Turkey Abuse

It seems that every year, around the holidays, we are presented with recent undercover footage of turkeys being abused in ways that exceed even the minimal standards of the facilities in which they are raised and processed. The most recent evidence emerged several weeks ago, in the form of a videotape taken by an employee from a West Virginia plant belonging to global “poultry grower” Aviagen, Inc. The turkeys in this most recent investigation had brooms rammed down their throats and used to lift them off the ground; feces forced into their mouths; their heads slammed into metal objects and stomped on by workers’ feet, and so on.

I want to make two points about this and the many similar scandals we have seen in the turkey, cow, pig and chicken industries, thanks to invaluable hidden camera footage:

 

(1) Many people do not know that most turkeys are protected by no laws limiting the cruelty that can be inflicted on them. This is because many states exempt animals used for food from their animal cruelty laws. Similarly, on the federal level, although the Humane Methods of Slaughter Act as written includes birds (because it refers to “cattle, calves, horses, mules, sheep, swine, and other livestock”, without defining the term “livestock”), it is interpreted by the Department of Agriculture (the agency charged with its implementation) to exclude poultry, and therefore turkeys. Further legal analysis can be found here, and the Humane Society of the United States offers this helpful historical timeline to better understand the evolution of this situation:

 

“In response to the continuing public outcry over the cruel methods recounted in The Jungle, Congress enacted the Humane Methods of Slaughter Act of 1958 (HMSA) to explicitly require that “cattle, calves, horses, mules, sheep, swine, and other livestock” be slaughtered in accordance with humane methods. The law deemed only two slaughter methods humane: ritualistic or religious slaughter (such as the Jewish Kosher method), or one in which all livestock are rendered insensible to pain before shackling and slaughtering. In the legislation, Congress explicitly recognized that certain slaughter practices—for example, hanging conscious animals by their legs from metal shackles and slaughtering animals while still fully conscious—cause “needless suffering.”

Fast forward 20 years. In 1978 Congress amended the Federal Meat Inspection Act of 1906 (FMIA), a law, originally passed in response to Sinclair’s novel, that mandated federal inspections and minimum sanitary standards at slaughterhouses processing certain types of animals. The 1978 amendments added a provision to the FMIA that gave the USDA the authority to refuse inspection of meat if “the Secretary finds that any cattle, sheep, swine, goats, horses, mules or other equines have been slaughtered or handled…by any method not in accordance with the Act of August 27, 1958 [the HMSA of 1958].” The confusion arose because Congress called this amendment the Humane Methods of Slaughter Act of 1978.

What Congress didn’t do in 1978, however, was replace the HMSA of 1958 or remove the original language requiring that “cattle, calves, horses, mules, sheep, swine, and other livestock” be slaughtered in accordance with humane methods. In other words, the all-important term, “other livestock,” is still included in the definition of the animals covered under the Humane Methods of Slaughter Act of 1958.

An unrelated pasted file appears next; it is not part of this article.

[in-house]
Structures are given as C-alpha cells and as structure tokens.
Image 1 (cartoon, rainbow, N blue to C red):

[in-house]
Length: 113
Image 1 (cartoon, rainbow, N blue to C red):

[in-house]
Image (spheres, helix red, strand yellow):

And yet, despite the fact that the term “other livestock” clearly encompasses animals such as farmed birds and despite the fact that a 1958 edition of Webster’s dictionary defines “livestock” as “domestic animals used or raised on a farm,” the U.S. Department of Agriculture has chosen to exclude chickens, turkeys, and other birds entirely from the act’s protection. 

It’s as if the USDA thinks the original Humane Methods of Slaughter Act of 1958 doesn’t exist.”

 

Thus, similar to Guantanamo Bay detainees, turkeys (and chickens, who comprise the vast majority of animals slaughtered in the U.S. for food) are left in a legal no-man’s land. It is crucial that the public pressure the USDA to include turkeys and all other poultry species in their definition of “livestock”. It is also important, in the meantime, for the public to pressure companies to sanction animal-abusing employees. While turkey abuse may not be illegal, it still violates the public image a company aims to project, and may well violate its internal policies.

 

(2) It seems that every time this sort of scandal breaks, the response from company management is that 1) the behavior violates company policy and 2) it is an isolated event which 3) will be cured through a combination of disciplinary measures and employee education. This recent case is no exception.

We need to ask ourselves how many “isolated incidents” are required for an act to become systematic.

Similarly, we must ask ourselves what role company policy and worker education serve in the context of a system that demands large amounts of meat generated quickly and cheaply. The American consumer continues to embrace the comfortable belief that meat can be produced fast, cheap and ready, with no unsavory consequences to animals. This is the true driving force behind the cruelty we are seeing. No amount of internal policy and education on the part of livestock producers will alter this fundamental law of nature. Rather, it is our responsibility, as consumers, to educate ourselves regarding the acts that we are paying others to perpetrate on our behalf.  If these acts make us uncomfortable, chances are we will think twice before continuing to fund them with our pocketbooks.

-Suzanne McMillan

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